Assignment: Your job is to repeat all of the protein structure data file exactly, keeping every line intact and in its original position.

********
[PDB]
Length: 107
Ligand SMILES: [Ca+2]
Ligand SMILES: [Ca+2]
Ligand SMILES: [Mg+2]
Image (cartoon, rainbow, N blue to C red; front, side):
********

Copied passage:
[PDB]
Length: 107
Ligand SMILES: [Ca+2]
Ligand SMILES: [Ca+2]
Ligand SMILES: [Mg+2]
Image (cartoon, rainbow, N blue to C red; front, side):